I was engaged in a study of French Symbolism years ago, and the path that that study took me down lead me to the first Russian poet I came to actively read, Alexander Blok. I loved his style immediately, and his theological bent and the way he beautifully employed abstract imagery. After having studied him for a time I was led to another poet, a poet who heavily influenced Blok, and one who I consider a favorite … Fyodor Ivanovich Tyutchev.
Tyutchev was more of a literary genius than a poet, but when he wrote poetry he poured his entire creative prowess into it. The first poem that I read of his, translated by the incredible mind of Vladimir Nabokov, was Glum is the Sky. I was indelibly hooked, and to this day consider Tyutchev to be one of the best writers of poetry that I have ever come across. Please, check him out ...
Day and Night
The spirit world we may not see,
That nameless gulf, is shrouded over
And hidden by a golden cover;
Thus do the gods on high decree.
Day-this most splendid shroud is thee,
Day-for us mortals, animation,
The ailing soul's alleviation,
That men and gods delight to see.
But let day fade and night commence;
The blessed veil is torn, revealing
The fateful world it was concealing,
And hurled incontinently hence...
The gulf lies naked to the sight
With its black horrors of perdition,
'Twixt them and us lies no partition:
And that is why we fear the night!
An Italian quatrain is a stanza that consists of four lines with an enveloped rhyming pattern, whose rhythmic scheme looks like this: abba; or, to give it visuality:
Before we continue, it will be interesting to note that Nabokov’s translation of Tyutchev’s Day and Night remains faithful not only to the poem’s overall structure, meter and rhyme schematic, but also to the imagery Tyutchev employed line by line. I’ve come to learn that Nabokov’s translation preserves beautifully the poetic element Tyutchev intended.
It is with a myriad of techniques and devices like this that Tyutchev sets up the foundation for a poem whose meaning is beautifully illustrated and piercing: that we delight in daylight because it masks an enormous, vacuous blackness whose void and brooding presence strikes fear in our hearts … the night sky.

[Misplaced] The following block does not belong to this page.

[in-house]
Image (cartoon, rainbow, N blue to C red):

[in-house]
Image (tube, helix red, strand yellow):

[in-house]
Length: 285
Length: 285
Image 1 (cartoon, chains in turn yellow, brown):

Just a thought before we close.
The phrase from the first line of the first stanza мир таинственный духов refers to ‘the spirit world’. Some translations render ‘mysterious world of spirits’. Either way, the reference is to the spirit realm, a realm we mortals reach after our passage through death. I find it interesting that it is the spirit world, which in this poem is represented by the night sky, that daylight shrouds from us. And I find it equally interesting that the poem concludes that the reason we fear the night is because it represents that mysterious realm.
Is it possible that it isn’t the spirit world (or night) per se that we fear, but rather the dismantling of the shroud that cloaks it from our perceptions? And is not this ‘dismantling’ that event which we humans refer to as death? If this is true, that would mean that not only does Tyutchev use his poem to contrast day against night, and to have us recognize our inherent fear of night’s intimidating enormity, but that would also mean that he intended another meaning, one that would have us recognize our fear of death when it approaches, as well as our fear of that mysterious and nameless and unknown realm.
I would love, love to know your opinion of Tyutchev and your interpretation of his poem.